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NASA is about to find out if a supercomputer can survive a year in space


On Monday, at 12:31 p.m. Eastern time, a SpaceX Falcon 9 rocket lifted off on a resupply flight for the International Space Station, and among its cargo, in addition to ice cream, was something else very cool: a supercomputer.

The machine, made by Hewlett Packard Enterprise and called the Spaceborne Computer, is capable of a teraflop worth of computing power, which puts it roughly in line with a late-1990s supercomputer. Made up of two pizza box-shaped machines in a single enclosure, the HPE supercomputer is a part of a year-long experiment to see how an off-the-shelf computer system can fare in space if protected in the right way by software.

Long space missions like a trip to Mars come with considerable communications delays, so equipping astronauts with a powerful supercomputer would allow them to solve complex problems without having to wait for the issue and the solution to be transmitted to and from Earth. But radiation on a trip like that can damage computers, so NASA and HPE are conducting this research to see if software can provide the necessary protection to keep things functioning correctly.

Just like NASA's famous identical twin experiment—in which Scott Kelly spent a year in space and his brother, Mark Kelly, stayed down on Earth—the supercomputer in space has a brother on this planet, a doppleganger machine located in Wisconsin acting as a control in this experiment.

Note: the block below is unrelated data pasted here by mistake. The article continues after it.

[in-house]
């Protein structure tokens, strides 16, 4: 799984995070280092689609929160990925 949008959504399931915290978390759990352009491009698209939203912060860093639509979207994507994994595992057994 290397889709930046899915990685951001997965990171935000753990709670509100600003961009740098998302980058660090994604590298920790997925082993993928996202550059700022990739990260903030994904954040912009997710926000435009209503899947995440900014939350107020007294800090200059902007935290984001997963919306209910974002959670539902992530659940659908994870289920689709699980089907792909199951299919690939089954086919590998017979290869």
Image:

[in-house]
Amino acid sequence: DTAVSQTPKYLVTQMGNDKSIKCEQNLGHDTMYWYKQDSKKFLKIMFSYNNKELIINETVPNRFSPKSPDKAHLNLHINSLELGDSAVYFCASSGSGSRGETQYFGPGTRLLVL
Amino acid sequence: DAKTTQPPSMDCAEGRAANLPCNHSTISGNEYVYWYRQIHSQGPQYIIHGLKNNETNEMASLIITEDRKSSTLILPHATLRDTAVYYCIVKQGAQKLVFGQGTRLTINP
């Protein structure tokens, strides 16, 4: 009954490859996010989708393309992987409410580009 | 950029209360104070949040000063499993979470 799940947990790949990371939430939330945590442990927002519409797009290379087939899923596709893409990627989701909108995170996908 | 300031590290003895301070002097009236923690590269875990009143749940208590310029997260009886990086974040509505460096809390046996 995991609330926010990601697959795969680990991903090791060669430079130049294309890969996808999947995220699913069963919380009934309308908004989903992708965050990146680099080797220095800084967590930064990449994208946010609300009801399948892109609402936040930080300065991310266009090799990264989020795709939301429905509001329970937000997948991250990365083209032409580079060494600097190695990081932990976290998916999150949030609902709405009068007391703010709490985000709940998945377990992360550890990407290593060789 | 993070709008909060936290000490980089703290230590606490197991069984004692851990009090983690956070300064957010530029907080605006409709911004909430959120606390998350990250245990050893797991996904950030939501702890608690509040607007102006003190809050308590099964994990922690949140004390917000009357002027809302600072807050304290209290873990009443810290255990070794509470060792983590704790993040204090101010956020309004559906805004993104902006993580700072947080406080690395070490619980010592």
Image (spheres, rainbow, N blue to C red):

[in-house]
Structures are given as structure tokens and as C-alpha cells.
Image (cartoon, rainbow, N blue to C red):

HPE's approach with the Spaceborne Computer, a two-node, water-cooled machine, is different from the way a mission-critical computer in space is physically protected (or "hardened," in space gear speak) from radiation. For example, the chief computer for the Juno spacecraft inhabits a "protective titanium vault with walls about one centimeter thick," according to BAE systems, which made that processor. Instead of physical protection for the HPE computer, the company is hoping to learn if software can do something similar.

Eng Lim Goh, the HPE project's principal investigator, says that the "dramatic vision" for the future of this line of research is one in which before an astronaut travels to space, he or she would be able to take a top-of-the-line, off-the-shelf machine with them, and software could make it space-worthy. Then the astronaut could put whatever programs she wanted on the machine, a process that Goh, a computer scientist, compares to having an iPhone in space onto which you've preloaded your apps.

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